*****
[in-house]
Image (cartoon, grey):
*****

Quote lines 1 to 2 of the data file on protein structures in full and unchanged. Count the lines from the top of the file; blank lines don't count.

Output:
[in-house]
Image (cartoon, grey):